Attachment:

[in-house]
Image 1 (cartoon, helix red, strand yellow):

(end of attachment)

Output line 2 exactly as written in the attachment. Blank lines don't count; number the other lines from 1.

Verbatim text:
Image 1 (cartoon, helix red, strand yellow):